Whilst not being drawn into debating why AMD can't make a profit whilst purporting to have excellent products, Ron Myers, right, a senior validation manager, was at pains to establish that the company's Shanghai-based Opterons had been brought in ahead of schedule (well, when aren't they always ahead of schedule?) and were delivering with respect to performance and energy efficiency.
Keen to stress the drop-in upgrade over ill-fated Barcelona and longevity of the Socket-1207 platform, including enhanced virtualisation support, we reckon it was a case of smoke and mirrors, because, ultimately, Shanghai is only a margin performance improvement of what's gone before. AMD has nothing really new to bring to the table, unlike Intel's Xeon Nehalems, and a lack of innovation will begin to pinch when further Nehalem numbers are revealed.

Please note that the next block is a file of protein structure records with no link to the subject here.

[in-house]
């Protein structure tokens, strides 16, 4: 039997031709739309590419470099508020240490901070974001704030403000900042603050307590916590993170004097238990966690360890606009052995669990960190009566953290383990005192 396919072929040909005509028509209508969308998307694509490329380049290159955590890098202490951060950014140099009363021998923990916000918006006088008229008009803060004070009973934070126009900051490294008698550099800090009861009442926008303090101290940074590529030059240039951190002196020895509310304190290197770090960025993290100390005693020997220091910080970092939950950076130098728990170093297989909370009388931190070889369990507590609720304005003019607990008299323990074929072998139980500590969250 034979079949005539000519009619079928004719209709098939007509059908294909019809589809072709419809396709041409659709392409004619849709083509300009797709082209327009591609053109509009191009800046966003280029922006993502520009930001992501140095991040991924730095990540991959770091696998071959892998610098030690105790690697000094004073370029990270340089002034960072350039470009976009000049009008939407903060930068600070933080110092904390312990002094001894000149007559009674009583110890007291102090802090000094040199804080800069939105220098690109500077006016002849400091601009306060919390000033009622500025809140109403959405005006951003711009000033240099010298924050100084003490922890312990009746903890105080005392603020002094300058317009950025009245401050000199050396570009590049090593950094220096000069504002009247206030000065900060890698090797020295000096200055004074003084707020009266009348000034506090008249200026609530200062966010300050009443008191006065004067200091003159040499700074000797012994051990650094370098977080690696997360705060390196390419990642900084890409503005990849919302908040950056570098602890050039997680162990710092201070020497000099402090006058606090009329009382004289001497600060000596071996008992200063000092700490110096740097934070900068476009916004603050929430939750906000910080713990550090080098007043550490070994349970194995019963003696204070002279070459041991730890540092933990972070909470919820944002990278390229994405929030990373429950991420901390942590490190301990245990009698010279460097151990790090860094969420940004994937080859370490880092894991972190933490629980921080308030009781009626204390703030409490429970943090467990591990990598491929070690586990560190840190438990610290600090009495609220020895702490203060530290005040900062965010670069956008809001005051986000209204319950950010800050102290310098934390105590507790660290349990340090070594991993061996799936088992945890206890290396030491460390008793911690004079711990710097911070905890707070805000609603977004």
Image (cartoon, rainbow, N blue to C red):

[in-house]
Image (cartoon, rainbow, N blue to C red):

Yes, the processors do consume less power, but AMD's had to do that because the guts of the architecture are the same and it can't magically switch on a button that will give another, say, 500MHz clockspeed.
Performance is key in the HPC space and, really, whilst AMD has made strides with Shanghai, there's a lot more work to do before it's going to convince customers that it will continue to deliver performance in future iterations.
Shanghai, then, is good, but not the knockout blow that we were expecting.